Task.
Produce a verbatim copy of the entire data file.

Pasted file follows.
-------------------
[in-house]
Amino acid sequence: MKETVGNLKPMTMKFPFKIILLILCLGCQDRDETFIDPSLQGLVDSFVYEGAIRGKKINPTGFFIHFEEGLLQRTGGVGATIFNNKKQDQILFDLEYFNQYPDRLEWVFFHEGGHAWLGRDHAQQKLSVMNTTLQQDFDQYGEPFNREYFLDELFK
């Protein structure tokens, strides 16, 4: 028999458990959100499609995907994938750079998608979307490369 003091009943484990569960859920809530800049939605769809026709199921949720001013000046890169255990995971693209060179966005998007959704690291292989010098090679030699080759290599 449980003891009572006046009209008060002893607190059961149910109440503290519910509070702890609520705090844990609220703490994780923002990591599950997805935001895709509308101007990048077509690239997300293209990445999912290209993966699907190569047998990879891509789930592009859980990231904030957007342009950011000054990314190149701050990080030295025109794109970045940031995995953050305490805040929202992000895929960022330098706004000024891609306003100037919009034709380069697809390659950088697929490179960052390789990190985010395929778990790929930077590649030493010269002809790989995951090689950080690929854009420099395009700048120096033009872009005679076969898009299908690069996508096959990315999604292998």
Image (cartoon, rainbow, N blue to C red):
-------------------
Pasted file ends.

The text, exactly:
[in-house]
Amino acid sequence: MKETVGNLKPMTMKFPFKIILLILCLGCQDRDETFIDPSLQGLVDSFVYEGAIRGKKINPTGFFIHFEEGLLQRTGGVGATIFNNKKQDQILFDLEYFNQYPDRLEWVFFHEGGHAWLGRDHAQQKLSVMNTTLQQDFDQYGEPFNREYFLDELFK
């Protein structure tokens, strides 16, 4: 028999458990959100499609995907994938750079998608979307490369 003091009943484990569960859920809530800049939605769809026709199921949720001013000046890169255990995971693209060179966005998007959704690291292989010098090679030699080759290599 449980003891009572006046009209008060002893607190059961149910109440503290519910509070702890609520705090844990609220703490994780923002990591599950997805935001895709509308101007990048077509690239997300293209990445999912290209993966699907190569047998990879891509789930592009859980990231904030957007342009950011000054990314190149701050990080030295025109794109970045940031995995953050305490805040929202992000895929960022330098706004000024891609306003100037919009034709380069697809390659950088697929490179960052390789990190985010395929778990790929930077590649030493010269002809790989995951090689950080690929854009420099395009700048120096033009872009005679076969898009299908690069996508096959990315999604292998």
Image (cartoon, rainbow, N blue to C red):